It’s not easy to obtain the first overall draft pick. Unless you’re willing to give up a sultan’s ransom for it, you’re going to have to put in an awful lot of leg work to be so bad that you’re worse than everybody else in football in any given year.
And chances are, that’s not going to be a one-off, outlier year. Chances are, you’ve been bad for at least a couple of years, and you’ll be bad for a couple more years, at a minimum. One interesting ‘statistic’ that I saw recently really brings that point home.
Cincinnati Bengals quarterback Joe Burrow will be the first quarterback in NFL history to be drafted first overall and start in a conference finals within his first two seasons. The Bengals went 2-14 in 2019, the year before they drafted him, then went 4-11-1 during his rookie year, before finishing the 2021 season with a 10-7 record (with a loss in a meaningless finale).
The Bengals won the AFC North, and now they have two postseason victories under their belt, defeating the Las Vegas Raiders and then the top-seeded Tennessee Titans. On Sunday, they will play the second-seeded Kansas City Chiefs, who beat the Pittsburgh Steelers in round one and the Buffalo Bills—albeit just barely—in the Divisional Round.
But back to the broader point. While there have obviously been successful first overall picks in the past, generally speaking, it takes time for their teams to develop around them into a competitive outfit. Jared Goff is the most recent first overall quarterback, drafted in 2016, to participate in a conference final (and a Super Bowl). He did do that in year three in 2018, so it’s not like it’s miles off.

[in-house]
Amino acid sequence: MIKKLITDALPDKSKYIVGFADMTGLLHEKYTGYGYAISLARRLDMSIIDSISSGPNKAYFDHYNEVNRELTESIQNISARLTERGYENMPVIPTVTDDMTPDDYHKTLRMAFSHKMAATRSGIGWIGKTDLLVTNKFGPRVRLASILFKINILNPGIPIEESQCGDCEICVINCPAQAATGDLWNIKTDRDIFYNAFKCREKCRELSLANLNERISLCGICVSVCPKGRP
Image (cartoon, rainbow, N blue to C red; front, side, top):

Andrew Luck also advanced to a conference finals in his third season after the Indianapolis Colts drafted him first overall in 2012. This one deserves quite a caveat, however, as this was the rare one-year exception. Their franchise quarterback, Peyton Manning, had career-threatening neck surgery. They went 10-6 the year before he missed the season and 11-5 the year after, and the next two years after that as well.
Luck was drafted onto a team built to compete with that incredibly rare outlier year. But it still took them three years to get to the conference finals, and they would miss the postseason the next three years after that.
Cam Newton is another former first overall pick who advanced to a Super Bowl, though did not win. That was in his fifth season, however, and they did not reach a conference finals prior to that (nor since). 2010 first overall pick Sam Bradford never even played in a postseason game. Matthew Stafford is about to play in his first conference finals as the 2009 first overall pick, with a new team.
2005 first overall pick Alex Smith appeared in one conference finals in 2011. Eli Manning’s first of two appearances came in year four. Michael Vick played in one during his fifth season.
Peyton is the most recent first-overall quarterback to win a Super Bowl, aside from his younger brother. And they’re the only ones to do it (as a starter), other than Troy Aikman, since Jim Plunkett, who was drafted in 1971, and Terry Bradshaw, drafted in 1970, the first quarterback drafted first overall in the common draft era.